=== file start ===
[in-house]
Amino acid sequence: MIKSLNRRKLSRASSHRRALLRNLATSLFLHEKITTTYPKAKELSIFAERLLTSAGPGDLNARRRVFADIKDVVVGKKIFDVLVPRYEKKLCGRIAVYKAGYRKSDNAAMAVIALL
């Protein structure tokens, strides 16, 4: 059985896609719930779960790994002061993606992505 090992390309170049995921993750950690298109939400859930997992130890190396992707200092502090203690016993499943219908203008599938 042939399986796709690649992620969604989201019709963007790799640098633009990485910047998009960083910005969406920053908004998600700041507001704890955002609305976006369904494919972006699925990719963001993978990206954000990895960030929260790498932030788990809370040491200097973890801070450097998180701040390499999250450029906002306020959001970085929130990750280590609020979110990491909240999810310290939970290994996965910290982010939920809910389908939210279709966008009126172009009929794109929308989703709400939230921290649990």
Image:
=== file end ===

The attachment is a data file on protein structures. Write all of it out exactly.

[in-house]
Amino acid sequence: MIKSLNRRKLSRASSHRRALLRNLATSLFLHEKITTTYPKAKELSIFAERLLTSAGPGDLNARRRVFADIKDVVVGKKIFDVLVPRYEKKLCGRIAVYKAGYRKSDNAAMAVIALL
């Protein structure tokens, strides 16, 4: 059985896609719930779960790994002061993606992505 090992390309170049995921993750950690298109939400859930997992130890190396992707200092502090203690016993499943219908203008599938 042939399986796709690649992620969604989201019709963007790799640098633009990485910047998009960083910005969406920053908004998600700041507001704890955002609305976006369904494919972006699925990719963001993978990206954000990895960030929260790498932030788990809370040491200097973890801070450097998180701040390499999250450029906002306020959001970085929130990750280590609020979110990491909240999810310290939970290994996965910290982010939920809910389908939210279709966008009126172009009929794109929308989703709400939230921290649990």
Image: